Two weeks ago, I wrote about the John A. McClanahan family burying ground, located two miles north of ‘Twin Churches’ in Carson Township.
Bowling Green, a pioneer village from the 1830s, occupied the site more than 170 years ago, with John A. McClanahan as storekeeper and doctor.
The McClanahan Family Cemetery is situated on the west side of the road. Almost directly across from it, on the east side of the road, is found the McDonald Family Cemetery.
This cemetery is fenced and contains a veterans marker for Asa Wellesley McDonald, who died on March 17, 1891, at the age of 57 years, a veteran of the Civil War. He served with Co. F, Seventh Illinois Cavalry.
Lucinda B. Nichols, his wife, who was born 1840 and died on May 24, 1917, also has a stone here. One other marker, for their daughter, Margaret L. Langdon, born in 1880 and died in 1945, stands within the enclosure.
The location of the two cemeteries in such close proximity, yet separate, begs the question of ‘Why?’ I dont have the answer. Maybe someone else does.
When I first visited the McDonald cemetery some years ago to check tombstone inscriptions and photograph the tombstones, I didnt know anything about A.W. McDonald, not even his first name.
The other evening, as I was looking for something else in the 1910 ‘Encyclopedia of Illinois and Fayette County,’ I turned the page and in front of me was a biographical sketch of Major Asa Wellesley McDonald.
It cleared up a little of the mystery of why his cemetery was on Bowling Green Hill, near that of the McClanahan family.
Asa was married in 1859 to John A. and Susan McClanahans daughter, Susan. She died sometime in 1867, and two years later Asa married a second time to Lucinda Nichols Bridges. Susan is probably buried with her parents in the McClanahan cemetery, but doesnt have a stone.
Asa was born June 17, 1833, in Ontario, Canada, and was of Scotch extraction. He was the son of John and Margaret McCartney McDonald. His mother was born in Nova Scotia; his father in Canada.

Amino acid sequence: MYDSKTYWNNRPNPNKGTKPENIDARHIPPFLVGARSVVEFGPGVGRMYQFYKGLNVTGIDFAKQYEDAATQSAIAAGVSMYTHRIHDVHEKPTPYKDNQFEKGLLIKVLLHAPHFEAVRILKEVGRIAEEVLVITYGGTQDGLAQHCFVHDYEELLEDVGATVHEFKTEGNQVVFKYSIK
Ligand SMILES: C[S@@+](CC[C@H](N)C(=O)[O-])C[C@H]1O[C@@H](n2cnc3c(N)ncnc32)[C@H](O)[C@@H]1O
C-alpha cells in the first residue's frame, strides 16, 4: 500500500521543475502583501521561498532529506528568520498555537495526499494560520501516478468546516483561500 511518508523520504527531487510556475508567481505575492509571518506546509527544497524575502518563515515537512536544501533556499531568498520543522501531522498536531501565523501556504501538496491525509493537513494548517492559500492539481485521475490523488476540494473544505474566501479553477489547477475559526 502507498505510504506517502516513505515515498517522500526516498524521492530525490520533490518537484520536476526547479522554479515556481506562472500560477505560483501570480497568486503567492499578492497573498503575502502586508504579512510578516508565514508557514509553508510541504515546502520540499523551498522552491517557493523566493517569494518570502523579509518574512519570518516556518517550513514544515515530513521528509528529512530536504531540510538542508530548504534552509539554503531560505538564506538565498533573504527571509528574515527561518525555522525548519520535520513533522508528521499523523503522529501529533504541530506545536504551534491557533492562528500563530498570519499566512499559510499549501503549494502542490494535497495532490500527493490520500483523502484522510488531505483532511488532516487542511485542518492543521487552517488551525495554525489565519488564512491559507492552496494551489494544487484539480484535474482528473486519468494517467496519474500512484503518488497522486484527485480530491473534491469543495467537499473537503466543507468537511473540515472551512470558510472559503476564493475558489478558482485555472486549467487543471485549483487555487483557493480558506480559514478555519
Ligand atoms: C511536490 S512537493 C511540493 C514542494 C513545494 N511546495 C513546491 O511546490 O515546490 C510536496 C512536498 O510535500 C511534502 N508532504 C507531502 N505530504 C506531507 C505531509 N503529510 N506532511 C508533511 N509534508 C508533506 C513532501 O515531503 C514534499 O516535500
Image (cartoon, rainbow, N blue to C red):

How he came to settle in Illinois is interestingand it was all by chance.
Asas sister, Nancy, married Edward Butler, and they had located in Fayette County in 1858. Asa, with his elder brother, Arthur B., came to the state to visit their sister and were pleased with the countryside.
Their mother soon joined them, and then the father. Both parents subsequently died in Fayette County. The two brothers bought out the interests of their brother-in-law, Butler, but Arthur soon sold out and moved to Vandalia to pursue the study of law. He practiced in Vandalia for a number of years before his death at the age of 70.
Asa and his brother, Arthur, along with their brother-in-law, Edward Butler, became naturalized citizens while living in Fayette County.
Asa mustered in the Civil War at Ramsey and first made captain, then major. During this long period, he saw hard service and retired from the Army with injuries that included the loss of one eye.
While his brother, Arthur, found more interest in law, Asas interest was in the land. He added several plots of ground to his original holdings, and seven years before his death bought the original farm where he had first settled, and where his mother died.
His home was that fine old mansion atop one of the highest points of land in the county, built in the 1850s by Dr. D.B. Goldsmith in the Queen Anne style.
Asa married four times. His first wife died in Canada, leaving one son, Charles H., who lived in Carson Township near his father, and was a former sheriff of Fayette County. His second wife died without issue.
Asa married a third time, this time to Susan Caroline McClanahan. She died eight years later, after the close of the Civil War. Susan left one son, Arthur Wellesley, who accidentally drowned at the age of 32.
On July 16, 1869, Asa married Mrs. Lucinda Nichols Bridges, who was born in Carson Township on March 14, 1843, the daughter of Strother and Mary Carson Nichols, and was the widow of John Bridges. Their children included Julia, Jennie, Maggie, Donald and Viola McDonald.
With the aid of the biographical sketch published in 1910, A.W. McDonald became more than a name on the veterans marker on Bowling Green Hill.
And, he had an interesting story to tell.